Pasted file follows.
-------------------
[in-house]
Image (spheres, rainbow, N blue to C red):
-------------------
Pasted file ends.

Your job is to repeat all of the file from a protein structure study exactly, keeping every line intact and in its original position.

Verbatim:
[in-house]
Image (spheres, rainbow, N blue to C red):